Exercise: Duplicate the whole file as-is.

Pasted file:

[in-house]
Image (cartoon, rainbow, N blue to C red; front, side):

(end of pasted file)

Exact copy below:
[in-house]
Image (cartoon, rainbow, N blue to C red; front, side):